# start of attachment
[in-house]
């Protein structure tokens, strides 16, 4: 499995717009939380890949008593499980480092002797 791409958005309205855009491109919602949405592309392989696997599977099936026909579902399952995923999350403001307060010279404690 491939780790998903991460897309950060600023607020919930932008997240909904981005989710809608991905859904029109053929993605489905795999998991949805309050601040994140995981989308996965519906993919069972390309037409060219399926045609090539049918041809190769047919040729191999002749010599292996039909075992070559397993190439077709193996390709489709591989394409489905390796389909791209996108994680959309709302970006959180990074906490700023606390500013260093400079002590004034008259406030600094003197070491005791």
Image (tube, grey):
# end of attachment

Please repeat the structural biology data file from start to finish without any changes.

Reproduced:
[in-house]
């Protein structure tokens, strides 16, 4: 499995717009939380890949008593499980480092002797 791409958005309205855009491109919602949405592309392989696997599977099936026909579902399952995923999350403001307060010279404690 491939780790998903991460897309950060600023607020919930932008997240909904981005989710809608991905859904029109053929993605489905795999998991949805309050601040994140995981989308996965519906993919069972390309037409060219399926045609090539049918041809190769047919040729191999002749010599292996039909075992070559397993190439077709193996390709489709591989394409489905390796389909791209996108994680959309709302970006959180990074906490700023606390500013260093400079002590004034008259406030600094003197070491005791």
Image (tube, grey):